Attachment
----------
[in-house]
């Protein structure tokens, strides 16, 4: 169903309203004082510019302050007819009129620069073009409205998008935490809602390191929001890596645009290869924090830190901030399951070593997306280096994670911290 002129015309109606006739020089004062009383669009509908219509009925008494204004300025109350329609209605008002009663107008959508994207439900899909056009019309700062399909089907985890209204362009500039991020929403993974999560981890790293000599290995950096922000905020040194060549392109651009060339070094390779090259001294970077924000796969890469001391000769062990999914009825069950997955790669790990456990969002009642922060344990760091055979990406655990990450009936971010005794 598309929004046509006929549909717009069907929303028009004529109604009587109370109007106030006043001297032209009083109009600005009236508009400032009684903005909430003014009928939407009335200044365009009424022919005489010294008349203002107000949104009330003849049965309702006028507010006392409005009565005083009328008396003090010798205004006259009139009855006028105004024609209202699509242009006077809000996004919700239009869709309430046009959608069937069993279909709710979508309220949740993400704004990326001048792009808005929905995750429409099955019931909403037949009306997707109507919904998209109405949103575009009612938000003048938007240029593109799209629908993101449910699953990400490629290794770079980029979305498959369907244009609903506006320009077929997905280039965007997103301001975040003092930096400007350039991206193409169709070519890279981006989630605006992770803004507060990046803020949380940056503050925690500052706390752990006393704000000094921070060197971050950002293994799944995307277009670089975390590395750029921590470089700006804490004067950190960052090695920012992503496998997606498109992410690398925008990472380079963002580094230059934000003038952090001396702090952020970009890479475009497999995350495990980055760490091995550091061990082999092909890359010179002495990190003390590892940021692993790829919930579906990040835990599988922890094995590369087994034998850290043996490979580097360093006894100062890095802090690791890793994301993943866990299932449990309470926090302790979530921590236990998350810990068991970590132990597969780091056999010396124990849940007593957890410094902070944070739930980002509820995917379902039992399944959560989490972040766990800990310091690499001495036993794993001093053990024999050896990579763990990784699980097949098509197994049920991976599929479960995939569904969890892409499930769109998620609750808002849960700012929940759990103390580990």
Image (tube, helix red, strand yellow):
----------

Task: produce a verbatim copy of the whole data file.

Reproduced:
[in-house]
């Protein structure tokens, strides 16, 4: 169903309203004082510019302050007819009129620069073009409205998008935490809602390191929001890596645009290869924090830190901030399951070593997306280096994670911290 002129015309109606006739020089004062009383669009509908219509009925008494204004300025109350329609209605008002009663107008959508994207439900899909056009019309700062399909089907985890209204362009500039991020929403993974999560981890790293000599290995950096922000905020040194060549392109651009060339070094390779090259001294970077924000796969890469001391000769062990999914009825069950997955790669790990456990969002009642922060344990760091055979990406655990990450009936971010005794 598309929004046509006929549909717009069907929303028009004529109604009587109370109007106030006043001297032209009083109009600005009236508009400032009684903005909430003014009928939407009335200044365009009424022919005489010294008349203002107000949104009330003849049965309702006028507010006392409005009565005083009328008396003090010798205004006259009139009855006028105004024609209202699509242009006077809000996004919700239009869709309430046009959608069937069993279909709710979508309220949740993400704004990326001048792009808005929905995750429409099955019931909403037949009306997707109507919904998209109405949103575009009612938000003048938007240029593109799209629908993101449910699953990400490629290794770079980029979305498959369907244009609903506006320009077929997905280039965007997103301001975040003092930096400007350039991206193409169709070519890279981006989630605006992770803004507060990046803020949380940056503050925690500052706390752990006393704000000094921070060197971050950002293994799944995307277009670089975390590395750029921590470089700006804490004067950190960052090695920012992503496998997606498109992410690398925008990472380079963002580094230059934000003038952090001396702090952020970009890479475009497999995350495990980055760490091995550091061990082999092909890359010179002495990190003390590892940021692993790829919930579906990040835990599988922890094995590369087994034998850290043996490979580097360093006894100062890095802090690791890793994301993943866990299932449990309470926090302790979530921590236990998350810990068991970590132990597969780091056999010396124990849940007593957890410094902070944070739930980002509820995917379902039992399944959560989490972040766990800990310091690499001495036993794993001093053990024999050896990579763990990784699980097949098509197994049920991976599929479960995939569904969890892409499930769109998620609750808002849960700012929940759990103390580990």
Image (tube, helix red, strand yellow):